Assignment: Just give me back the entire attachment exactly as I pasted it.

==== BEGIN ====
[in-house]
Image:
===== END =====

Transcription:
[in-house]
Image: